Gender, Place and Memory is a Research Cluster based at the University of Hull. It is headed by Dr Amanda Capern and Dr Briony McDonagh, with Dr Hannah Worthen, and draws in academics and researchers from History, English and Geography. There are several Postgraduate researchers working on various projects examining women’s property and material culture; women and the law; gender and emotional attachment to land, landscape and environment.
Dr Amanda Capern (co-Principal Investigator) is a Senior Lecturer in Early Modern Women’s History at the University of Hull. Amanda is a specialist in early-modern British and European women’s history and has published widely in this field. She is the author of The Historical Study of Women: England 1500-1700 (Palgrave Macmillan, 2008/2010). She is also co-editor of Gender and History, a series of cutting edge introductory short books in the field of gender history published by Palgrave. Amanda is a Fellow of the Royal Historical Society and in the past has served on the national steering committees of the Historical Association and the Women’s History Network and on the Council of the Economic History Society.
Dr Briony McDonagh (co-Principal Investigator) is a Senior Lecturer in Human Geography at the University of Hull. She writes critical historical geographies of the British landscape and is interested in questions of space, power, gender and identity over the long durée. She has published widely on women’s histories; on rural & estate landscapes; and on the historical geographies of enclosure, property, protest and the law. Her book Elite Women and the Agricultural Landscape (Routledge, 2017) won the Joan Thirsk Memorial Prize for the best book in British or Irish rural history and the Women’s History Network Prize for the best first book in women’s and gender history. She is co-editor of Hull: Culture, History, Place (Liverpool University Press, 2017) and Remembering Protest (Palgrave, 2018). Briony is Chair of the RGS’s Historical Geography Research Group, co-editor of Historical Geography (University of Nebraska Press) and President of the British Science Association’s Geography Section. She tweets as @BrionyMcDonagh and disseminates her research via academia.edu.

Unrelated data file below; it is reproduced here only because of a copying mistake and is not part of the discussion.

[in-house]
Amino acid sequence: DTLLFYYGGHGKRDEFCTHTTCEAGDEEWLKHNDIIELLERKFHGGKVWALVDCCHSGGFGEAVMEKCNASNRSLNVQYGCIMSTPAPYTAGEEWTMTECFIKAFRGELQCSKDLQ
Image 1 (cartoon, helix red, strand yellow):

Dr Hannah Worthen is a Post-Doctoral Research Associate on the Gender, Place and Memory research cluster at the University of Hull (email: hannah.worthen[at]hull.ac.uk). She was awarded her PhD in 2017 from the University of Leicester on ‘The experience of war widows in the mid-seventeenth century’ which was undertaken in collaboration with The National Archives. Hannah researches the lives and experiences of widows during the English Civil Wars through their petitioning and defence of property. She is the author of ‘Supplicants and guardians: The petitions of Royalist widows during the Civil Wars and Interregnum, 1642–1660‘, Women’s History Review, 26:4 (2017), Hannah tweets as @HannahWorthen.
Dr Josh Rhodes is a Post-Doctoral Research Associate on the Gender, Place and Memory research cluster at the University of Hull (email: josh.rhodes[at]hull.ac.uk). He was awarded his PhD in 2019 from the University of Exeter on ‘Agrarian Capitalism in England c.1700 to c.1850: A new methodological approach. Josh researches capitalist farming in 18th- and 19th- century England, considering how life-cycle processes shaped peoples’ access to and management of land. He is the author of ‘Subletting in eighteenth-century England: A new methodological approach’, Agricultural History Review, 66, 1 (2018), pp. 67-92. Josh tweets as @joshrhodes12.